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By Ross Elliott

Spare a thought for NIMBYs

The dreaded “Not In My Backyard” reaction of homeowners who have the temerity to object to neighbourhood changes they never voted for (or were even asked about) is reaching plague proportions if you believe what some urban designers and planners are saying.

This scourge of the NIMBY is threatening the progressive development of cities, they’ll allege.

The NIMBY is now to blame for everything from housing affordability to urban congestion.


Why can’t young Australians find a home they can afford?

Because of those nasty, selfish NIMBYs.

Why can’t seniors find a suitable property to downsize into within their own neighbourhood?

NIMBYs again, curse them.

These comments from Brendon Coates at the Grattan Institute earlier this year are one example.

Speaking at a Henry George Memorial Lecture, the NIMBY was given the full Kangaroo Court treatment and found guilty without trial.

“NIMBYs make housing unaffordable: Grattan Institute”, roared the headlines.

According to Coates:

“The key problem is that many states and local governments restrict medium- and high-density developments to appease local residents concerned about road congestion, parking problems, and damage to neighbourhood character.”

Let’s take a moment to consider what’s being said here and try to see things from the NIMBY point of view.

First, their home truly is their castle.

Their home is the biggest single financial asset they are ever likely to own.

Unlike their superannuation fund, it is within their control to add value and enhance its appeal both as a place to live and for long-term financial security.

And unlike their superannuation fund, there are no third parties in fancy CBD Offices charging them exorbitant fees to manage their home.

A third of Australian households own their home outright, and a further third are paying it off with a mortgage.

The remaining third are renting, and nearly all of that rental stock is also privately held by individuals hoping to build on their financial security via an investment in housing.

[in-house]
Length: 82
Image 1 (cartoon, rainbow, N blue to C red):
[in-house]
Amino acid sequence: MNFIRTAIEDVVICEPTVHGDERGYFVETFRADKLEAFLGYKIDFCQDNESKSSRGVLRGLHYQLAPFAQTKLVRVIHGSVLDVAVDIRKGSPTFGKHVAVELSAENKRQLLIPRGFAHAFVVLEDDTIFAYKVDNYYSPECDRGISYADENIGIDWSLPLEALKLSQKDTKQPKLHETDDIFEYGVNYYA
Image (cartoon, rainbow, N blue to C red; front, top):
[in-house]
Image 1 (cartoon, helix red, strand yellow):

As property owners, they are all rightly heavily invested in what happens in their street and in their neighbourhood.

For this reason, they are legitimately concerned about things like “road congestion, parking problems, and damage to neighbourhood character” – but according to Grattan, responding to these concerns is “appeasement” by state and local governments.

How disappointing it must be for these urban visionaries as they gaze out at the suburbs from their CBD glass towers, imagining all those ‘McMansions’ being bulldozed in favour of rows of townhouses and unit blocks, having to confront the objections of homeowners who defy the utopian urban density dream.

Incredibly, the suggestion seems to be that homeowners are not only being unfairly obstructionist in objecting to changes that might in their opinion diminish the value of their homes and assets, but that being a homeowner should somehow disqualify you from having a say.

According to Coates:

“The politics of land-use planning – what gets built and where – favour those who oppose change.

The people who might live in new housing – were it to be built – don’t get a say.”

Meaning that non-owners who have no personal investment in a neighbourhood are being unfairly disadvantaged because they are not getting a say about what happens to someone else’s biggest single financial asset and home?

Talk about egos and entitlement.

“Father knows best” paternalism is a professional trait that happily tramples on homeowners' interests if they dare get in the way of some “expert” opinion about whether their choice of home and location is “appropriate” or not.